Farm Programs:

An Analysis of Two Production Control Options

RCED-86-137: Published: Aug 11, 1986. Publicly Released: Aug 11, 1986.

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Because the problem of large crop surpluses and depressed commodity prices continues to be part of the U.S. farm agenda, GAO completed a comparative analysis of the Department of Agriculture's (USDA) Payment-in-Kind program (PIK) and an alternative program design for use in future farm policy and program decisions, using a private contractor's state-of-the-art policy simulation model.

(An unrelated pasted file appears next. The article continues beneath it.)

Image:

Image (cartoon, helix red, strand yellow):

GAO noted that the alternative program: (1) covered the same basic commodities as PIK; (2) would include only cash payments and would have an annual limit of $50,000 for each participating farmer; (3) would require legislative authority to enable USDA to pay farmers cash for taking land out of production; and (4) did not take into consideration the possible overall societal impact on consumers, U.S. export sales, and rural economies. GAO found that, for 1983 through 1986, the alternative program, as compared to PIK, would have resulted in: (1) $3.7 billion less in government farm program costs; (2) 47.4 million fewer acres planted in program crops; (3) a 23-percent reduction in commodity inventory levels; and (4) a $6.2-billion increase in farmers' net cash income. GAO believes that the results of the analysis underscored the need for USDA to analyze and review program alternatives before committing to major program changes like PIK.

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